A court case currently at the appellate court level could set a dangerous legal precedent and severely change the relationship growers have with their pest control advisors and farm labor contractors.

Amy Wolfe, president and CEO of AgSafe, a non-profit organization dedicated to providing employers and employees with the resources to prevent illness and injury, recently told a gathering of PCA’s that the Ag industry needs to have regular conversations regarding issues surrounding farm labor contractors and worker safety.

Wolfe spoke at the California Association of Pest Control Advisors (CAPCA) on the importance of these frank discussions.

The importance of the issue can be seen in the declining number of laborers available for field work. It is also evident in a legal case under appeal in California. Wolfe fears the later could have far-reaching ramifications well beyond the Ag labor market.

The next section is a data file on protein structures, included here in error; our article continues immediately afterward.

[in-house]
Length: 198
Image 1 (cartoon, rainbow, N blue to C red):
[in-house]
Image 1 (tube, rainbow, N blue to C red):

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There are currently about 1,200 unduplicated farm labor contractors (FLC) in California, Wolfe said. She uses the word “unduplicated” because some FLC’s have two licenses with expiration dates staggered six months apart because California “has so many issues in reissuing licenses,” she said.

Of the 1,200, Wolfe estimates that about 25 percent of them are operating “above-board” by employing PCAs and focusing hard on worker safety and the host of other issues regulators are keen to.

“These folks are doing the right thing,” she said. “Then you have the other 75 percent who don’t even realize that they need to be having these conversations.”

At the heart of Wolfe’s point is a court case that could forever change the relationship between the FLC and grower. Joint employer responsibility is a major facet of the discussion Wolfe says must begin now because of pending litigation.